23. 23. Phylum Pterophyta • whisk ferns  dichotomously branching stems but no roots  stems have scale-like outgrowths that lack vascular tissue  stems may have evolved as reduced leaves  homosporous with spores that give rise to bisexual gametophytes that grow underground  considered to be living fossils due to their resemblance to fossils of ancient vascular plants • horsetails  named for the brushy appearance of the stems  arthrophytes – “jointed plants”  rings of small leaves or branches can emerge from each joint  stem is the main photosynthetic organ • ferns  ferns have megaphylls  sporophylls typically have horizontal stems that give rise to large leaves called fronds divided into leaflets  frond grows as the fiddlehead  almost all species are homosporous  gametophyte shrivels and dies after the young sporophyte detaches itself  the sporangia are stalked with spring-like devices that disperse the spores Sulisetijono
  24. 24. Major Taxonomic Groups • Lycophyta  Club Mosses - Free-living sporophyte and gametophytes - True roots, stems, and leaves - 300MYA, these were the dominant flora with large, expansive swamp-forests of lycopods. Sulisetijono
  25. 25. Sulisetijono
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  27. 27. Sulisetijono
  28. 28. Sulisetijono
  29. 29. P. Lycophyta: Selaginella – Spike Moss Sulisetijono
  30. 30. Sulisetijono
  31. 31. Sulisetijono
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  36. 36. Sulisetijono
  37. 37. Sulisetijono
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  39. 39. P. Lycophyta: Isoetes - Quillwort Sulisetijono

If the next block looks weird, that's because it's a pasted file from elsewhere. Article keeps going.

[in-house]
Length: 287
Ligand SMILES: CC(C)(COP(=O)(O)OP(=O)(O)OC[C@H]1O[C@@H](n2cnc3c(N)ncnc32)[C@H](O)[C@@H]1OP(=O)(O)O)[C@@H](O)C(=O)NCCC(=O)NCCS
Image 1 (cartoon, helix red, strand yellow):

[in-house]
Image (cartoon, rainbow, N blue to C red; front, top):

40. 40. Figure 29.14 Isoetes (a quillwort) in the phylum Lycophyta. Represented today by a single genus Live in marshy areas Sulisetijono
  41. 41. Sulisetijono
  42. 42. Phylum Equisetophyta: Equisetum – Horse Tail Sulisetijono
  43. 43. 43 Division - Sphenophyta Sulisetijono
  44. 44. Major Taxonomic Groups • Sphenophyta  Horsetails - Free-living sporophyte and gametophyte - Circular, ribbed stems with whorled leaves - Again, much more diverse in the past Sulisetijono
  45. 45. Sulisetijono
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  48. 48. 48 Horsetails • Only one living (extant) species - Equisteum • Also called scouring rushes • Hollow, jointed Stems contain silica & were once used to scrub pots • Photosynthetic aerial stem • Underground Rhizomes Sulisetijono
  49. 49. 49 Horsetails • Reproduce by spores at the tips of branches • In prehistoric times, grew as tall as trees • Found in wetlands • Stems with sunken stomata to save water • Some spores have elaters, cells that act as moisture- sensitive springs, assisting spore dispersal Stem with a whorl (at each node) of branches and dark-tipped leaves Sulisetijono
  50. 50. 50 Uses for Horsetails • Use to fight plant fungi • Used in some mouthwashes to cure mouth ulcers • Used as diuretics to eliminate excess water (weight loss products) • Toxic to animals (sheep, cattle, horses) Sulisetijono
  51. 51. Sulisetijono
  52. 52. Sulisetijono
  53. 53. Sulisetijono
  54. 54. Equiseteum cross section Sulisetijono
  55. 55. Sulisetijono